Additionally, more affordable lessons for students not looking to make a career out of music should be available to students. For many, learning an instrument is exciting, fulfilling, and even therapeutic, yet instrument lessons are not facilitated at Yale unless you are pursuing a music program. The current registration process for lessons only opens once a year, barring many potential students. Moreover, if you don’t meet certain requirements of skill (such as “showing promise of a performance career”) upon audition, lessons do not come cheap. One solution could be the creation of a program where students teach each other, creating affordable private lessons as well as opportunities for both those interested in teaching music and those who wish to learn. This kind of program has been successfully implemented at many other institutions with strong music programs, such as Oberlin College and SUNY Potsdam.
Another issue is students’ accessibility to musical instruments themselves. Transporting instruments, especially large instruments, can be an expensive and cumbersome ordeal. In addition to logistical problems of transportation, Purchasing instruments can be equally expensive, and beginners can feel wary of making such an investment so early on. Although there is a clear demand for instrument rental, Yale has no programs to ease this demand unless you are currently enrolled in a music program. Just as the Digital Media Center for the Arts lets us check out equipment, Yale should consider investing in a facility for students to check out musical instruments and equipment such as amplifiers and microphones, which would eliminate many of these problems.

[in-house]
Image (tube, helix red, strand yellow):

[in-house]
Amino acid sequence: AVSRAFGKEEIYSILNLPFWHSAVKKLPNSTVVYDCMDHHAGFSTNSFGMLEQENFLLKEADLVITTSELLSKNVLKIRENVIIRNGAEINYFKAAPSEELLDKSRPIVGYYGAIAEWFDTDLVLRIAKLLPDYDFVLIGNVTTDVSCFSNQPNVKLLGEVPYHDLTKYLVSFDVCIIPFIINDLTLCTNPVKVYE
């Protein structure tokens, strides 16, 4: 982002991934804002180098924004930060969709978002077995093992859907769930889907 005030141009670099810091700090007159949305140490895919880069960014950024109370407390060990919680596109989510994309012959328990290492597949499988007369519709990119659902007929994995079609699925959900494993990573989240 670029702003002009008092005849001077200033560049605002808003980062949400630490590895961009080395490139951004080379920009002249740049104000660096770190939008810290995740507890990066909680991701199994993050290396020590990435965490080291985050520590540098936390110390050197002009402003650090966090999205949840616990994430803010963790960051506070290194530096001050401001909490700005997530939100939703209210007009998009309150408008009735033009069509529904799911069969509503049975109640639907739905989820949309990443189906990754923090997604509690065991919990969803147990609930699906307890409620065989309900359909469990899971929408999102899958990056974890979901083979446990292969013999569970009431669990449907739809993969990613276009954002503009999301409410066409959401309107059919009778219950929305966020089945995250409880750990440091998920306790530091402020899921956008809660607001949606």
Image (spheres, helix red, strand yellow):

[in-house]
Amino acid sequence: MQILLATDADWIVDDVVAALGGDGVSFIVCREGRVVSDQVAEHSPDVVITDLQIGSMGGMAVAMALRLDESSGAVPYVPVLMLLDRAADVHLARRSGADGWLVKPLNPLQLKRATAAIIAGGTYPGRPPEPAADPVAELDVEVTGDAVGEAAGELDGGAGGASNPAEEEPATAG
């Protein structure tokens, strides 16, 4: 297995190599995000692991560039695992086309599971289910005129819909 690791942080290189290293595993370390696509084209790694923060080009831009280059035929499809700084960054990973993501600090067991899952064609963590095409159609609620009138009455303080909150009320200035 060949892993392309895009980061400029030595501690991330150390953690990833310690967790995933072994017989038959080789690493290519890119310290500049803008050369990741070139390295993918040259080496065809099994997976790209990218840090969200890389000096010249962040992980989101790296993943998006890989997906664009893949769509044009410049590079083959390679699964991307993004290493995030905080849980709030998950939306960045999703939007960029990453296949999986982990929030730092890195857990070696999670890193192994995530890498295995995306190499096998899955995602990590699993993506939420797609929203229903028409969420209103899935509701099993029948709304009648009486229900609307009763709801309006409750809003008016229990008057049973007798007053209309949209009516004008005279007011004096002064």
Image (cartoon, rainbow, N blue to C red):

At Yale, musical elitism exists on many different levels. Not only are specific musical opinions and tastes celebrated at the expense of others, but the very structure of musical groups on campus elevates certain musical communities over others. As an additional challenge, underrepresented musical communities, especially musicians not pursuing music as a career, lack affordable access to lessons and instruments. It seems like a platitude to say that everyone should be able to pursue music, regardless of genre or level of skill, and yet many here at Yale are still left with the impression that we are not welcome to contribute as artists.